Our approach

Caring for dogs and cats around the world and encouraging the development of humane communities.
Caring for dogs and cats around the world and encouraging the development of hum

IFAW knows that communities benefit from healthy and happy dogs and cats. Our approach includes both urgent, hands-on care at flagship projects around the world, as well as strategies to help communities create long-term, sustainable plans to manage their companion animals humanely.
 
We strive to ensure that animals are happy and healthy because their basic needs are met, a concept we call Adequate Guardianship. This means that every dog and cat should get enough food, water and basic veterinary care. Equally, every animal should have access to shelter, exercise and companionship.

Even dogs roaming the streets can receive adequate guardianship so long as there is an individual or group of individuals to ensure their basic needs are met, and to take responsibility for providing any requirements that may be missing.

When a community begins working together to ensure its animals are cared for, they are able to improve the lives of dogs, cats, and people in the short and long-term. That is why we created Humane Community Development (HCD). This unique approach recognizes that every community needs its own unique plan, and that community participation is the key to effective solutions.

In order to help the most animals and support the most communities, IFAW’s HCD utilizes a set of participatory tools to better understand a community’s problems and unique population of dogs and cats.  We bring community members together in participatory style workshops to help them understand the root causes of their concerns, and how to create management plans that addresses the specific needs of dogs, cats and people in their community.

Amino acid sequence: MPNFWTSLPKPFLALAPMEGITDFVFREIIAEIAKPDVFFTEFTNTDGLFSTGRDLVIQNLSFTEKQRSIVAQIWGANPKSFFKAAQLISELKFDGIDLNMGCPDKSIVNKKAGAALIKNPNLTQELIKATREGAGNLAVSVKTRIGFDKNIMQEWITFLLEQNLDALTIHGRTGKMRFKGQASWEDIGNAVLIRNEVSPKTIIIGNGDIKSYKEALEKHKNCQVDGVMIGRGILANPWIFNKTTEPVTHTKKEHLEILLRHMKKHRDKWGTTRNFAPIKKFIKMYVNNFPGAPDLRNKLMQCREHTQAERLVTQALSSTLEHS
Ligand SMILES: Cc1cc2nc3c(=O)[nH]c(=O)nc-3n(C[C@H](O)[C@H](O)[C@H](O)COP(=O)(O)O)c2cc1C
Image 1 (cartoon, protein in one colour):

In 2013, IFAW launched this new approach and set of tools through a partnership with the United Nations Development Program (UNDP) Citizens Security Forums in Bosnia, which identified roaming dogs as a human security issue, and through partnership with Veterinarians without Borders-Canada, Latin America Regional Office in Puerto Natales, Chile, which had identified health threats to humans from roaming dogs. This partnership was announced at the Clinton Global Initiative annual meeting, and IFAW has committed to annual reports on the progress of the partnership.

For more information on this approach and our recommended tools, see Guidance for Communities.

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